The case of Polish railroad worker Jan Grzebski triggered my curiosity today, as a news in Vietnamese translated the news 9 years ago about this case, quote an astonishing finding that he was “able to know what happened outside while he was still like a living corpse”: (the quote is in Vietnamese)
Điều thực sự sốc chính là, sau khi tỉnh lại, Jan Grzebski đã nói những lời này: “Đầu não tôi rất tỉnh táo và nó vẫn đang làm việc, tôi nghe được mọi chuyện, còn có thể suy nghĩ và ghi nhớ giống như lúc bình thường, chỉ có điều nó không điều khiển được thân thể, điều này khiến tôi rất lo lắng.”
However, it seems that the story was made up by Polish media, a news from The Guardian said that he was in coma for only 4 years, then he woke up and was disabled for 15 more years (the interesting thing is that communism in Poland collapsed during the time he was in coma, and he was surprised with the big changes after communism):
Mr Grzebski said he did have an accident in 1988, but after that he was only in a coma for four years and was then confined to a wheelchair at his home in Dzialdowo in northern Poland.
This is the compilation of 10 stories of people waking up after falling into coma:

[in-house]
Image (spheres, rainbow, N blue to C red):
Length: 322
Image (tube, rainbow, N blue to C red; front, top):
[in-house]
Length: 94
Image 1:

Unlike many TV and movie depictions of the condition, being in a coma is a very serious condition that can have long-lasting effects. Most comas do not last more than a few weeks, but there are people who are stuck in one for months or years. The longer a person is in a coma, the less likely they are to wake up. While the time spent in the coma may differ, the stories of these people waking up are quite remarkable.10Sam CarterIn 2008, 60-year-old retired baker Sam Carter had fallen into a coma from severe anemia, which occurs when a person’s red blood cell count gets too low or the blood lacks hemoglobin. In the hospital in Staffordshire, England, Carter had been in a coma for three days, and he was given a 30 percent chance of recovering. The doctor suggested to his wife that she should play some music for him. His wife got a set of headphones and put them on her husband, playing the Rolling Stones classic “(I Can’t Get No) Satisfaction.” Amazingly, once the song was played, Sam opened his eyes.Sam says that the song gave him a new energy, and pulled him out of the coma. He doesn’t remember much from the coma, but he remembered hearing that song. The song also had special meaning to him as it was the first single he ever bought when he was 17 years old. He said it gave him the push he needed to wake up.9Sarah ThomsonIn early 2012, 32-year-old Sarah Thomson got a blood clot on her brain and it ultimately led to her being in a coma for 10 days. When she awoke, she thought it was the year 1998. She thought that her favorite band, the Spice Girls, were still together, and she didn’t know Michael Jackson was dead. More importantly, she didn’t recognize her children or husband. In 1998, Thomson was 19 years old, had just given birth to her first son, and was still with her ex. So, when her children came in, she was expecting that her eldest would be a baby. Instead, he was 14 years old. She didn’t even remember the other two children. As for her husband, she thought he was someone who worked at the hospital.Outside of the hospital, Sarah acted like a teenager. She threw tantrums and was rebellious. She listened to loud rock music and dyed her hair wild colors. She said it took a while, but she is readjusting to her life and has re-fallen in love with her husband.8Ben McMahon, Sandra Ralic, And Michael BoatwrightGrowing up in Australia, Ben McMahon learned French and Mandarin, but was never fluent in them. In 2012, he was in a car accident which left him comatose for a week. Doctors said he would be lucky if he survived. He beat the odds and woke up but, oddly, he only spoke Mandarin and couldn’t speak English. He could also write in Mandarin. Eventually, Ben regained the ability to speak English, but didn’t lose the ability to speak Mandarin. As of September 2014, Ben is living in Shanghai where he attends school, but also gives walking tours of the city. In fact, his Mandarin is so good it impresses native speakers, and he is the host of a TV show in Shanghai. While that almost sounds too wild to believe, it’s actually happened to other people. Thirteen-year-old Sandra Ralic, from Kinn, Croatia, was studying German and she had just started reading German books and watching German television shows, but wasn’t fluent in it. Then, she was in a coma for 24 hours. When she came out of the coma, she could only speak in German, and couldn’t speak in her native tongue.Finally, there is the amazing story of American Michael Boatwright. He woke up in a hospital bed in California speaking Swedish and claiming his name was actually Johan Ek.Boatwright had lived in Sweden and had a Swedish girlfriend in the past. While many urban legends discuss people waking up from a coma speaking a brand new language, that is not a medically recognized phenomenon. However, people can lose the ability to speak their primary language while retaining access to a secondary language that they already know to some degree. It’s speculated that they seem more fluent in the second language afterward because they no longer default to the first one.7Fred HerschFred Hersch is a well-known, respected, and prolific contemporary jazz pianist who moved to New York in 1977 at the age of 21. In the early ’90s, Hersch went public about being diagnosed with AIDS. In 2008, the disease wreaked havoc on Hersch, and he contracted HIV dementia, but recovered from that. Then, in June, his blood oxygen levels became really low, and he went into septic shock. As each of his organs started failing, Hersch fell into a coma. He was under for two months before he finally woke up. After that, he was on a feeding tube for eight months.The 10 months in bed completely ravaged his body and his motor functions. Over the next year, Hersch worked hard at his physical therapy, and he kept practicing the piano. Interestingly enough, the piano helped him get better; he said it gave him something to strive and work for. By 2010, he was performing again. To researchers, it was inte